Information About Retinal Conditions Retinal Conditions

Filter44 Retinal Conditions ( View All )

Macular degeneration is a common retinal disease that can lead to central vision loss. It is a condition that must be managed to preserve sight.

Common eye surface problems can include blepharitis, dry eye, and subconjuntival hemorrhage, and treatments and symptoms can range greatly.

A macular hole can occur for several reasons and is identified as a small break in the macula of the eye causing visual impairment.

Retained lens fragments occur when parts of the cataract lens remain in the eye following a cataract removal surgery, which can cause future issues.

Retinal artery occlusion (RAO) exists when a retinal artery becomes blocked causing a lack of oxygen, which can then lead to severe vision loss.

Central serous retinopathy occurs due to a collection of fluid below the retina and can cause unpleasant symptoms that affect vision quality.

Flashes and floaters can cause issues with vision, making it appear as if yo see specks, lines, or clouds in your line of vision.

When scar tissue forms on the surface of the retina, it can cause the retina to wrinkle, resulting in blurry vision. This is called a macular pucker.

Cystoid macular edema occurs when abnormal fluid accumulates in the macula, resulting in the presence of cyst-like fluid groupings that impair vision.

People with diabetes run the risk of having abnormal blood sugar levels that can affect the ocular blood vessels, and lead to diabetic retinopathy.

Uveitis is inflammation of the uvea, which is the middle part of the eye. It can occur in any part of the eye including the optic nerve and retina.

A retinal tear occurs when the protective vitreous gel pulls away from the retina, which is often caused by an undiagnosed retinal detachment.

We have surgical (pars plana vitrectomy) and nonsurgical options (Jetrea injections) for treating your vitreous body disorder for real relief.

With no known cure, idiopathic parafoveal telangiectasia (PFT) can be managed with intravitreal injections and laser photocoagulation treatments here.

The type and severity level of retinal condition and age of the patient are all diagnostic variables in the treatment of congenital retina defects.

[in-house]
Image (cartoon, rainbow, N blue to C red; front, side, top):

Any intraocular infection, from severe conjunctivitis or an infection of the entire eye, is an ocular emergency that needs immediate treatment.

Proliferative retinal diseases (PRD) develop when new blood vessels form on the surface of the retina, which can make the retina vulnerable and weak.

Peripheral retinal pathologies (macular holes or tears, lattice degeneration, tumors, and more) cannot be left untreated and can lead to vision loss.

Certain ocular conditions such as high myopia, pseudoexfoliation, or retinitis pigmentosa can be the cause of the development of a dislocated lens.

A retinal detachment, which requires surgery, should be treated by a specialist who dedicated his or her training to the retina, vitreous, and macula.

A retinal vein occlusion (RVO) occurs when one of the retinal veins becomes blocked. This causes serious symptoms and requires immediate treatment.

Retinal dystrophies are inherited or genetic diseases that result from an abnormality in your DNA, which gives rise to a range of retinal diseases.

A posterior vitreous detachment (PVD) occurs when the vitreous gel separates from the retina, which lines the back wall of the eye, causing flashes.

An epiretinal membrane (known as a macular pucker) is a condition of the retina that is caused when fibrous tissue forms on the surface of the macula.

Ocular trauma occurs when the eye has been injured from a direct hit, a sharp object, or other traumatic event that can harm the retina or cornea.

*Individual results are not guaranteed and may vary from person to person. Images may contain models.